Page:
Read full entry


Not to be confused with Terminalia microcarpa.

The damson (/ˈdæmzən/) or damson plum (Prunus domestica subsp. insititia, or sometimes Prunus insititia),[1] also archaically called the "damascene"[2] is an edible drupaceous fruit, a subspecies of the plum tree. Varieties of insititia are found across Europe, but the name "damson" is derived from and most commonly applied to forms which are native to Ireland and Great Britain.[3] Damsons are relatively small plum-like fruit with a distinctive, somewhat astringent taste, and are widely used for culinary purposes, particularly in fruit preserves or Jam.

In South and Southeast Asia, the term "damson plum" sometimes refers to Jambul, the fruit from a tree in the Myrtaceae family.[4] The name "Mountain Damson" or "Bitter Damson" was also formerly applied in Jamaica to the tree Simarouba amara.[5]


Damson flowers

The name damson derives from the earlier term "damascene", and ultimately from the Latin prunum damascenum, "plum of Damascus". One commonly stated theory is that damsons were first cultivated in antiquity in the area around the ancient city of Damascus, capital of modern-day Syria, and were introduced into England by the Romans. The historical link between the Roman-era damascenum and the north and west European damson is rather tenuous despite the adoption of the older name, particularly as the damascenum described by the Roman authors has more of the character of a sweet dessert plum.[6] Nevertheless, remnants of damsons are sometimes found during archaeological digs of ancient Roman camps across England, and they have clearly been cultivated, and consumed, for centuries. Damson stones have been found in the fosse at the Hungate, York, and dated to the late period of Anglo-Saxon England.[7]

The exact origin of Prunus domestica subsp. insititia is still extremely debatable: it is often thought to have arisen in wild crosses, possibly in Asia Minor, between the sloe, Prunus spinosa, and prunus cerasifera, the cherry plum.[8] Despite this, tests on cherry plums and damsons have indicated that it is possible that the damson developed directly from forms of sloe, perhaps via the round-fruited varieties known as bullaces, and that the cherry plum did not play a role in its parentage.[8] Insititia plums of various sorts, such as the German Krieche or Dutch kroosjes, occur across Europe and the word "damson" is sometimes used to refer to them in English, but many of the English varieties from which the name "damson" was originally taken have both a different typical flavour and pear-shaped (pyriform) appearance compared with continental forms.[3] Hogg commented that "the Damson seems to be a fruit peculiar to England. We do not meet with it abroad, nor is any mention of it made in any of the pomological works or nurseryman's catalogues on the Continent".[9] In addition to its fruit, the damson makes a tough hedge or windbreak, and it became the favoured hedging tree in certain parts of the country such as Shropshire and Kent.[10] As time progressed, a distinction developed between the varieties known as "damascenes" and the (usually smaller) types called "damsons", to the degree that by 1891 they were the subject of a lawsuit when a Nottinghamshire grocer complained about being supplied one when he had ordered the other.[11]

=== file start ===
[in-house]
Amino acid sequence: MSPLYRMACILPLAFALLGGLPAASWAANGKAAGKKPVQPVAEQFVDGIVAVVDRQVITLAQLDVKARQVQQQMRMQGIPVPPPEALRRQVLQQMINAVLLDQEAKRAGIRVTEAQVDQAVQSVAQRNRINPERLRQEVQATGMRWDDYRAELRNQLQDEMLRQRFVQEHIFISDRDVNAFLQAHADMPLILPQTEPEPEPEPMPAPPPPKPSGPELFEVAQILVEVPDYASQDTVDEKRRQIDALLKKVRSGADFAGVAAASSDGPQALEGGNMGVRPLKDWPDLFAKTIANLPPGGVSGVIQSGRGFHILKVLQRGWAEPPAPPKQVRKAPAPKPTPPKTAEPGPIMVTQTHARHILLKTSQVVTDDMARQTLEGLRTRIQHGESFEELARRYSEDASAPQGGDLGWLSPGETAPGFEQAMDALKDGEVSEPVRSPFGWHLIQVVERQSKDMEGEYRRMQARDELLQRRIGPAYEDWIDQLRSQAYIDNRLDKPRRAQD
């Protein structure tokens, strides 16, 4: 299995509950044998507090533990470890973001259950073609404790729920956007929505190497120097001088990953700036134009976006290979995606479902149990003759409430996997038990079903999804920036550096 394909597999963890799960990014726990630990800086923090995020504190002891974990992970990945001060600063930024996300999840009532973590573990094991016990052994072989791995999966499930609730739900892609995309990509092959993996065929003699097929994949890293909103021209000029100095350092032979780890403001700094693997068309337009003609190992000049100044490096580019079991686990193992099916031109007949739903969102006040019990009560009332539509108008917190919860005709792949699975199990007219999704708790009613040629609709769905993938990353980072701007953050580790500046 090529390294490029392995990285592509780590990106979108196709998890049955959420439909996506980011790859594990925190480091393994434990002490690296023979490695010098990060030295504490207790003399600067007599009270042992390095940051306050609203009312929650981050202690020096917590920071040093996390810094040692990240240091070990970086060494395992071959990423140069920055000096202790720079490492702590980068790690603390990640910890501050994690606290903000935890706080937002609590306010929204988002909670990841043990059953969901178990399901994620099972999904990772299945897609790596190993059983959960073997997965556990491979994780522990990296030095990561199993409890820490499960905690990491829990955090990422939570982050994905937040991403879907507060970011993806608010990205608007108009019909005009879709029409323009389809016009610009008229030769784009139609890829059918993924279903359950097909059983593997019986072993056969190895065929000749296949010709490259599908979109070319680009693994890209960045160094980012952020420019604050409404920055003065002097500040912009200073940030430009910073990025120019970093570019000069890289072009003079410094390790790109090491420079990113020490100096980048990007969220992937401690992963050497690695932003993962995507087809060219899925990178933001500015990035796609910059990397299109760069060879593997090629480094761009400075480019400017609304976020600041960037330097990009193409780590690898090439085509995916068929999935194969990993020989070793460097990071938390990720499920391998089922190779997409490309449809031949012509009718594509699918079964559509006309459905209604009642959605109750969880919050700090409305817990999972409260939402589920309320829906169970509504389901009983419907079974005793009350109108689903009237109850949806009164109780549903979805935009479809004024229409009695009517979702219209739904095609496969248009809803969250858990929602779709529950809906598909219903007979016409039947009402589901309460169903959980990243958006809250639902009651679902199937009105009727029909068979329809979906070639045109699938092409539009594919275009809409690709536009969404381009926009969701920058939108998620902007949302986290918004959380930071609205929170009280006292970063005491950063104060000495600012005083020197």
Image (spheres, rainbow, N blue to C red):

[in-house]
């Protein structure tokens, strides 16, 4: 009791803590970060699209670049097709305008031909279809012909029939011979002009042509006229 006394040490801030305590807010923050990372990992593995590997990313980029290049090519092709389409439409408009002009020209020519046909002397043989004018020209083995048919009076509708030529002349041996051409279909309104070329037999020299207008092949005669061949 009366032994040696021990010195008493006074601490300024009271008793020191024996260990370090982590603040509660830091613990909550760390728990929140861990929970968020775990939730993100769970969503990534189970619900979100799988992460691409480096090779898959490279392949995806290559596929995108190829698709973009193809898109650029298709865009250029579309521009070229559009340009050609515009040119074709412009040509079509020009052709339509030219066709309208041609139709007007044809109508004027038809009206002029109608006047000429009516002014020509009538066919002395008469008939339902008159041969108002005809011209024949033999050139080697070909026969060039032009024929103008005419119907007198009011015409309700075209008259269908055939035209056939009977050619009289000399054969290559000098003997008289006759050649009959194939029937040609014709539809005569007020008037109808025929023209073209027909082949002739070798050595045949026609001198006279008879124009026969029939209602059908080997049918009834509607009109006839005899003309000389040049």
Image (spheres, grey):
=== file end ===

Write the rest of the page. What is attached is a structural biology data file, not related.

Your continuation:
There is a body of mainly anecdotal evidence that damsons were used in the British dye and cloth manufacturing industries in the 18th and 19th centuries, with examples occurring in every major damson-growing area (Buckinghamshire, Cheshire, Westmoreland, Shropshire and Worcestershire).[12] However this may not have represented a wide-scale industry: a 2005 report for conservancy body English Nature concluded that "there seems no evidence that damsons were used extensively or techniques [for using them] developed".[13] The main use of damsons in the industrial era was in commercial jam-making, and orchards were widespread until the Second World War, after which changing tastes and the relatively high cost of British-grown fruit caused a catastrophic decline.